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By · May 26, 2022
5 minute read

P2P insurance: macro- and micro-insurance, part 2

young people on water edge looking into the distance

P2P insurance is part of a new wave of decentralized financial services. What began as a small-scale revolution has since been adopted by established insurers as a more ‘ethical’ and social alternative to standard insurance.

In the first part of this series, we looked at large-scale parametric insurance, but now we’ll consider what insurtech can do on a smaller, more-personal scale. With “de-fi” – decentralized financial services – cutting out the middle man from currency and banking, is there an option for insurers to do the same? Is that a threat to established insurers or an opportunity?

Before we can answer these questions, we need to look at the rise of peer-to-peer services, how P2P specifically works for insurance, and finally, where established insurers fit into this new kind of insurance.

The rise of P2P insurance

Generally speaking, the idea of ‘peer-to-peer’ services could well be the most impactful innovation the internet has brought. Benefits include:

  • Citizen journalism allowing anyone to write news articles
  • Video streaming allowing members of the public to create entertainment
  • Cloud computing allowing easy access to computer services
  • Open banking is a natural use of the cloud
  • Cryptocurrency has cut banks and governments out of currency

With this revolution in peer-to-peer going on, why not decentralize insurance, as well?

Essentially, peer-to-peer (P2P) insurance works like amortization. A group of people pay money into a central pot on a regular basis. When one of them incurs a loss, they can claim from the others to receive a payment from the pot.

Uber drivers could benefit from P2P insurance

This is, of course, entirely feasible without technology. A group of taxi drivers working for Uber on a freelance basis could, for example, each pay money into a joint bank account each month. If any of them had a car accident, they could use the money to pay for repairs without relying on their vehicle insurance.

Yet, what if one of the drivers doesn’t keep up their payments? What if two have accidents at the same time and there is only enough money to pay for one set of repairs? What if a driver makes a fraudulent claim?

This is where an unbiased third party comes in. That company can hold the money in trust, revoke membership for those that don’t pay, make decisions regarding payments, and even lend extra money to the pot. The peers will pay this third party for their work, but by cutting out the underwriter, the peers can still keep costs down.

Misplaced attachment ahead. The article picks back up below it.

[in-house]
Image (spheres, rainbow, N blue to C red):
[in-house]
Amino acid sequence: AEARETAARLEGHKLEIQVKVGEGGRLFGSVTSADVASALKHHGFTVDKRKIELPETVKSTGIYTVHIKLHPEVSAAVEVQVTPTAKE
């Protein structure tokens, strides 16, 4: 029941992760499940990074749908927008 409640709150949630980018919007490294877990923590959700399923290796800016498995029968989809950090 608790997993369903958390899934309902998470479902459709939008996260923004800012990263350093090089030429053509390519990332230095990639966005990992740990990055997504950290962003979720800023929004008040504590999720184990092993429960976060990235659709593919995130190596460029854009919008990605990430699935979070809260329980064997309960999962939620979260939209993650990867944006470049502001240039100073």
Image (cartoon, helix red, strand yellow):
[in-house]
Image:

Using technology to create P2P insurance

So where does technology come in to facilitate this? Well, the above example only works if you have a group of colleagues to share a pot with. Otherwise, you’re just creating a personal savings account.

If you don’t have a group of peers to pay into a pot, technology will allow you to apply to an anonymous group. It’s just like joining a Facebook group or Discord server. You can then insure yourself on a much smaller scale and cut out the middle man.

Oscar P2P Health Insurance website

As these services have grown in the market, such as Germany’s Friendsurance and Oscar Health in the USA, established insurers have looked to offer their own version of P2P insurance.

The advantage to insurer-run schemes for customers is that the insurer can pay to cover any excess if the pot of money runs out, then recover it over time through subsequent payments into the pot. Regardless, the insurer just takes a flat fee for administering the pot and doesn’t claim any premiums.

Other, so-called “third-wave”, P2P insurance policies are now setting up a system whereby peers only pay when a loss is incurred. Rather than pay into a pot, if one member incurred a USD 5,000 loss, each of 1,000 members would pay USD 5 to cover it, for example.

Social insurance through innovative insurtech

As well as reducing costs, P2P can be seen as social insurance – an ethical option when compared to big business. Yet, when run by an insurer, claims for large amounts of money are still feasible and customers won’t be left short.

This leaves P2P insurance as a definite opportunity for insurers to win back customers who may have lost faith in the insurance industry. It can serve as just another string to an established insurers product offering bow.

Like parametric insurance, P2P insurance serves as a way to escape the perception of the insurance industry as greedy and exploitative. After all, insurance has always been a public service, but along the way, its image has been tarnished.

Technology gives insurers the opportunity to rebrand as a trusted partner offering social, ethical services to the community. All this is possible using the right technology partner.

To find out more about what the FintechOS platform can do to upgrade your technology and prepare you for innovative insurtech services like parametric and P2P, book a demo.

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